Among other things, Montreal 1976 was the reason for the Italian company to create a Mondo America. You can argue that the adventure of Mondo in North America started around that time, and later developed strategies through various vicissitudes, with the first being in Canada and then into the United States starting in the late '80s. "The initial idea was from the beginning to expand to a much larger and important market such as the U.S. - recalls Federico Stroppiana - but initially it was not easy. Therefore, at the beginning, we worked more in Canada. "Today, Mondo has sales throughout North America and 20% comes from Canada and the rest from the United States. This is due to the references that the Mondo has achieved in the last 20 years, especially when it comes to tracks for athletics, sports in the university sector, where many investments are being made.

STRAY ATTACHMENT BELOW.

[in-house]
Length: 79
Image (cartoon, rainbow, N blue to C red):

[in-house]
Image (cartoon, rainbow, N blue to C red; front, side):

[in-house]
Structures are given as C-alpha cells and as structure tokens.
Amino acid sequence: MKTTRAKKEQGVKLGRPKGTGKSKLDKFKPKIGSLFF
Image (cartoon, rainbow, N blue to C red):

To become an Official Supplier of the Games is very important given the experience and reputation that a company has created over time, not so much by its name, but by the quality of the products it offers. "Consider the Olympic track - explains Federico Stroppiana - As part of the costs for the Games it is not a large expense, because the larger investments are those made for the stadium and other infrastructure. The track, however, is critical to the success of the Olympics. It is the most visible during the entire event and it will host the most important events, including opening and closing ceremonies. On it focuses the attention of all the media and it has maximum visibility on television. If something goes wrong with the Olympic track, the failure would be much more than a mishap in comparison to another sports facility. For this reason, the IOC makes sure that the track at the Olympic Stadium is a quality product and provides the best performances for the athletes. It is better to have a product that athletes already know and are accustomed to because if you chose a new surface you the risk is greater not only in terms of quality, but also in the performance of athletes."